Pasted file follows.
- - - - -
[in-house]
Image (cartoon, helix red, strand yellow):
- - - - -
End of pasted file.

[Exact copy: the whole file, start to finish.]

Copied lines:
[in-house]
Image (cartoon, helix red, strand yellow):